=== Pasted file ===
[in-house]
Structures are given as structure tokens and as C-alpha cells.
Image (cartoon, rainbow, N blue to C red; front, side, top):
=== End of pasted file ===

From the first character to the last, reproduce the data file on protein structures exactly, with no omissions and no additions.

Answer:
[in-house]
Structures are given as structure tokens and as C-alpha cells.
Image (cartoon, rainbow, N blue to C red; front, side, top):